By Julian Verdon
SAN FRANCISCO – Small business owners in San Francisco’s District 5 can now apply for a brand new and experimental assistance program to offset the financial burden of smashed windows. Yet there are flaws in the new policy.
Many small businesses feel the high costs of the COVID-19 caused economic recession for the last seven months. In May, more than 100,000 U.S. small businesses had to shut their doors permanently due to a lack of customer revenue. Around 2,000 small businesses in San Francisco closed down permanently due to COVID-19.
Moreover, some businesses have had to deal with damage to their property, which can put an even more significant monetary strain on them—during the protests back in June, many Bay Area stores were vandalized and damaged.
Damage to property (which decreases property value in the area) coupled with severe economic downturn leaves many small business owners feeling they may need to shut their doors forever.
In California, victims of property crimes do not receive any state financial assistance.
That’s why Supervisor Dean Preston and District Attorney Chesa Boudin launched the new assistance program to help store owners whose windows were smashed in recent months.
Preston is a civil rights attorney who has advocated for tenants’ rights and was recently elected to the San Francisco’s Board of Supervisors. District Attorney Boudin is known for specific criminal justice reforms, such as eliminating cash bail and re-evaluating wrongful convictions.
Both made comments on why this new policy is necessary for San Franciscans.
“Small businesses are barely making it, and many are closing. I’m proud to partner with the District Attorney’s office on this creative approach to get crucial financial relief into the hands of struggling small businesses in District 5,” said Preston.
“Victim assistance is a crucial component of my work as District Attorney of San Francisco,” said Boudin. “Too often, crime victims are left to shoulder the losses from crime. In California, we have programs to assist victims of violent crime, but no state funding to help victims of property crimes. That’s why I’m excited for this groundbreaking program to provide victim assistance to small businesses.”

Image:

According to the District Attorney’s office, shop owners face steep costs, explaining, “Among other economic burdens associated with the State of Emergency, small businesses are experiencing broken windows and vandalism—which can be costly for business owners. Replacement of a broken storefront window can cost between $2,500 and $10,000, with the typical insurance deductible payment of $1,000 out of pocket for the merchant.”
The program offers $1,000 in reimbursement money to businesses who qualify for the program. Essentially the program aims to eliminate the cost of insurance companies’ deductibles.
To qualify for the program, a business must meet these criteria: The incident must have occurred in San Francisco’s District 5; the business is in good standing; the business’s revenue is under $25 million; and the claim must happen 120 days after the incident or within 120 days of the program’s start.
Also, immigration status does not affect eligibility.